A new poll has revealed that America's young generation (18 to 29 years old) is postponing getting married and starting families because of the current economic hardships gripping the country. Some have suggested that the government should consider allowing businesses more freedom to create jobs for young Americans.
"These issues we have identified in the poll and the responses back are the key motivators for voting behavior for 2012. For candidates who don't understand the day-to-day impact the economy is having on people, and they key decisions that they are delaying, we think that they really are not in touch with what is going on out there in the country," said Paul T. Conway, president of Generation Opportunity and former Chief of Staff of the U.S. Department of Labor, in a phone interview with The Christian Post.
The The poll was conducted by Generation Opportunity, which describes itself as the nation's largest nonprofit, non-partisan organization engaging and mobilizing young Americans.
Among the statistics, it was found that 89 percent of young Americans believe that the current state of the economy is impacting their day-to-day lives, and 84 percent said they have been forced to push back some major decisions in life due to the economy.
Generation Opportunity's survey considered the national unemployment rate of 8.7 percent from July, noting that the jobless rate was actually higher among Americans 18 to 29 years old – at 12.7 percent.
People cut corners and saved money in a variety of different ways – about half (51 percent) said that they were forced to downsize their entertainment budget, while many others also had to hold off on spending more on groceries or large social events like weddings. Among more important decisions, 38 percent of respondents said they could not currently afford a home, 31 percent said they had to postpone starting a family, and 23 percent said that they had to hold off on getting married.
The numbers are actually higher than the same data Generation Opportunity collected last year, where 23 percent of respondents said they would delay starting a family and 18 percent said they would hold back on getting married.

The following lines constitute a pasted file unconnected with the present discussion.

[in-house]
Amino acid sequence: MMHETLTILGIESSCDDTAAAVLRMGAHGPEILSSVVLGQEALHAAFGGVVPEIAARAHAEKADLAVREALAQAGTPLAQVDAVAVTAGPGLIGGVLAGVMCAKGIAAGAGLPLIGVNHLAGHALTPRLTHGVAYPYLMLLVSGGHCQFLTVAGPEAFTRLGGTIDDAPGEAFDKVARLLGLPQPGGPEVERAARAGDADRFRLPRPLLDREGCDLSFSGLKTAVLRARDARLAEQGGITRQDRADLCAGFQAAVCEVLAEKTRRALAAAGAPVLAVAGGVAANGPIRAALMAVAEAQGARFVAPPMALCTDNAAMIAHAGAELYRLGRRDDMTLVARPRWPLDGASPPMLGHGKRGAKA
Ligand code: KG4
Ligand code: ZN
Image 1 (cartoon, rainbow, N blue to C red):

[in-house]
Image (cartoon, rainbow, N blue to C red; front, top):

In terms of the government's role in today's economy, Conway noted that based on the survey data and direct contact with people, which has included speaking with over a quarter million young Americans in the past year, some actually believe that the government needs to do less.
"What they mean by that is that they believe that government should get out of the way of those who have the courage and personal initiative and the means to create jobs and to expand businesses," Conway told CP. "They think right now that the government through regulation is actually limiting a lot of the opportunities that are out there for young people, especially in terms of policy."
Conway warned that the current economic state of the country will definitely impact people and their families for decades.
"Unlike any other issues in 2012, the issue of the lack of opportunity for young people to find long-term meaningful work is actually impacting the culture because you are not having more families come together. The decision to delay children is something that impacts people for decades, not just in terms of the individual but also in terms of the country," he said.
In a press release, Conway added: "These numbers should put elected leaders on notice."
"What you see is a very pointed story of the impact the failed policies coming out of the White House over the course of the last three years are having on the daily lives and the long-term plans of young Americans. Frankly, it is not a pretty picture – millions of young Americans are paying the price, in a very personal way, for failed leadership and failed policies."
The former Labor Department official noted that young people know that they can influence who gets elected for office at least with their votes, which is something that elected officials need to consider. Another notable statistic in the poll was that only 38 percent of respondents believe that today's political leaders reflect the interests of young Americans, although 76 percent of respondents plan to vote in the November presidential elections.
The Generation Opportunity survey was conducted July 27-31, 2012 and sampled 1,003 American adults aged 18-29 nationwide.